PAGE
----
Go Down

Topic: How to capture voice and playback with Arduino (Read 8363 times) previous topic - next topic

un1x

Hi all.

I'm trying to make a (apparently) senseless experiment.
The idea is to capture voice and sound from a microphone and simply riproduce the sound
through a speaker.

I assume that both microphone and speaker has to be connected to the PWM in some way.

I also really don't know what Arduino can read from the microphone PWM and if it's possible to
send these values to the destination PWM.

Any suggests appreciated.

BYE !

Grumpy_Mike

Basically you do not have enough memory to store anything but a small fraction of a second of speech on an arduino.

Therefore you need to get into sound shields with things like SD cards and external d/A converters. There are commercial ones available.

WilliamK Govinda

Hummm, I wonder how fast is the max sample-rate of the analog input...

Depending on what he wants to do, there's no need for much memory. In any event, a cheap FLASH or EEPROM 2-wire chip could do the trick. Just don't know what would be the rates to record and read from those.

Wk

Grumpy_Mike

Quote
Hummm, I wonder how fast is the max sample-rate of the analog input

That is fine, it's not the problem.
You can't write to flash or EEPROM fast enough, especially over the i2c bus. You might just get away with SDRAM on i2c running at 400KHz but you still have the output side, PWM doesn't hack it.

Senso

In the arduino default code its something like 9.6Khz, the maximum is almost 15.2Khz.

un1x

Thank you very much for your replies.

Basically 9.6 Khz is enough for me, telephone quality is acceptable for this project.

I don't need to store the voice recorded but just "route" values from the analog in to the speaker.

Something like:

val = analogRead(..);
analogWrite(val,...);

My confusion is actually on signals and the pin to connect.

Microphone must be amplified and connected to an analog pin, but I don't know how to connect the speaker (PWM ?)
and how to convert analog values read from microphone to something useful and correct to write on the speaker pin.

MIC --> OP AMP --> ANALOG IN (?????) PWM --> SPEAKER

Is it right ?

Thank you very much.

Grumpy_Mike

Quote
I don't need to store the voice recorded but just "route" values from the analog in to the speaker.

So why have it going into the arduino in the first place, surely a piece of wire would do.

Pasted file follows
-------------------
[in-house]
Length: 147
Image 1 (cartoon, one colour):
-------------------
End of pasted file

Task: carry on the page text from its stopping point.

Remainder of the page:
Analogue in returns a 10 bit number, the PWM needs only an 8 bit number so you have to convert the sample between reading it and spitting it out. Something like
analogWrite(13, analogRead(0) >> 2) ); would do it.

un1x


Quote
I don't need to store the voice recorded but just "route" values from the analog in to the speaker.

So why have it going into the arduino in the first place, surely a piece of wire would do.

Analogue in returns a 10 bit number, the PWM needs only an 8 bit number so you have to convert the sample between reading it and spitting it out. Something like
analogWrite(13, analogRead(0) >> 2) ); would do it.


Eh eh eh I'm studying this to get in confidence with different kind of signals.
Next step is to send the read value to another arduino via radio to play the voice with a remote speaker.

Grumpy_Mike

Quote
to send the read value to another arduino via radio to play the voice with a remote speaker.

That's the bit I told you that you couldn't do. Best of luck at doing it or redefining the success criteria.

un1x

Mmmmmh .. well, I can't believe isn't possible to build up something easy like a walkie talkie with Arduino  :)

Grumpy_Mike

Used many digital walkie talkies then?  ;)

Analogue transmission is a whole different ball game to digital transmission.

WilliamK Govinda

I think its totally possible, maybe even using a cheaper FM transmitter, but heck, in the Arduino you could use Xbee.

Wk

un1x

Well, for the transmission it's easy to use some radio module.

But I still don't understand if it's correct to send value read from the analag in to the module to the other board :D

And if it's possible to play back again to the speaker.

bye!

Luan

Hi un1x

My Last project (when I was a student) using a PIC record sound from a mic and the phone line the pic buffered it and streamed it to the PC.
I used a 20Mhz Crystal and were able to get 12Khz.

The Microphone Amplifier

A LM324N a low-cost operational amplifier is used to amplify the microphone to an audible level. Two stages are used the first stage gives a amplification of  +- 45 (R7/R2), R5 is set to +- 22K? and the second stage give an amplification of +- 22 ((R9+R5)/R8). The two stages combined give a total amplification gain of 990. R3 and R4 provide a center voltage of 2.5V for microphone and is connected to the first stage. C8 only lest the AC audio signal through.  R11 and R12 provide a center voltage of 2.5V which is connected to the ADC input  on  the Microcontroller.

Attached is the diagram for the MIC interface.

Regards

Luan

Grumpy_Mike

Quote
the pic buffered it and streamed it to the PC.

So how much memory did this PIC have?

Go Up